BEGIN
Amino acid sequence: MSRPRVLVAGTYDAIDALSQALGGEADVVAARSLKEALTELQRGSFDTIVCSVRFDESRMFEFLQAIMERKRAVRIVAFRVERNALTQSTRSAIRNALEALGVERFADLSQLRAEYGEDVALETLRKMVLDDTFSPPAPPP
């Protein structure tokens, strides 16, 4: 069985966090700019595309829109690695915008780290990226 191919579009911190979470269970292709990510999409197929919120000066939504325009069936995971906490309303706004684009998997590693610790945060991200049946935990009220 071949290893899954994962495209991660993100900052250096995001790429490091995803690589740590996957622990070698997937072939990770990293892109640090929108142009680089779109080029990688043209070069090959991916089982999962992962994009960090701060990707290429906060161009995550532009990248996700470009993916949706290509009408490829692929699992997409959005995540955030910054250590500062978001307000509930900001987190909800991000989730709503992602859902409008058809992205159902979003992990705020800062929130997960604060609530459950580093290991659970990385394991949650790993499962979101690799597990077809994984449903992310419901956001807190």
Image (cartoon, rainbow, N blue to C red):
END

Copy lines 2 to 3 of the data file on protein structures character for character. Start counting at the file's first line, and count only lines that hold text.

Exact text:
């Protein structure tokens, strides 16, 4: 069985966090700019595309829109690695915008780290990226 191919579009911190979470269970292709990510999409197929919120000066939504325009069936995971906490309303706004684009998997590693610790945060991200049946935990009220 071949290893899954994962495209991660993100900052250096995001790429490091995803690589740590996957622990070698997937072939990770990293892109640090929108142009680089779109080029990688043209070069090959991916089982999962992962994009960090701060990707290429906060161009995550532009990248996700470009993916949706290509009408490829692929699992997409959005995540955030910054250590500062978001307000509930900001987190909800991000989730709503992602859902409008058809992205159902979003992990705020800062929130997960604060609530459950580093290991659970990385394991949650790993499962979101690799597990077809994984449903992310419901956001807190």
Image (cartoon, rainbow, N blue to C red):